One of the highlights for the presence of one Black American maiden was her interaction with women of other nations. For once, many would be introduced to a feminine identity of Black America. Seeing a maiden image, which is feminine, inviting, intelligent and the opposite of any stereotype seen on television would be a revolutionary and eye-opening experience for the many; willing to engage with her.
In addition to one cultural aspect shown of the United States of America, it would also be a different side of America, that many have not seen. A side of laughter, family, joy, sharing, and a willingness to engage with others. Forget the television and prominent conceptions that many have of the United States. Negative images often bring hate and feelings of superiority towards those who look different. It was a new day-a new look and a new way for engaging with Americans-for Americans to engage with them. For one Black American maiden, it was a restoration of one’s womanhood and femininity. To be acknowledged as an authentic flower in America’s soiling was beyond heavenly. Beyond therapeutic. Observing a different perception of blackness in it’s foundation of sparkle and shimmer in US landscapes, was also nourishing and nutritious experience. Knowing this blackened group in authentic US soiling; whose music has brought healing to nations. This was a new image for many Egyptian-Arab and international youth, students, and professionals, who attended.
This image Blackness was unfamiliar, yet intriguing. It was simultaneously peculiar and strange. Inviting and safe. Bringing warmth and depth into his garden-called the United States of America.
In many ways, the interaction among other women (of different cultures and nationalities) was a re-awakening that Black America, too, has a culture of women. Always have. Women, who tended to, re-birthed, plot, and re-grew the gardens of their culture. Many would think this to be an obvious reality. However, for Black America’s gardens, its no secret of the silent, psychological warfare of hiding (and making invisible) the maidens of the garden. Robbing her of her femininity (while deeming her to be unworthy of love and affections from her own gardens) has been one of the emotional and mentally abusive attacks against her existence in the United States of America-and other Earthly spaces. Can you imagine the agony of a woman seeing her erasure in her own garden? Nevertheless, she continues to bloom. Her therapy at 6th of October University’s 2019 International Day series was the recognition of her feminine existence to a cultural identity. Her presence also served as mental therapy for attendees, needing a fresher take on healthier representatives of Black American culture. . .all the while continuing to be curious in peculiar gardens.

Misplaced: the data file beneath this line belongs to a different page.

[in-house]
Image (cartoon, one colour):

This piece is dedicated to my late Grandfather, James Howell, and his mother Essie-Mae Metcalf-Howell! Speaking their names to the audience on that day carried me through that important task. Speaking their names in a sacred land, carries their legacy!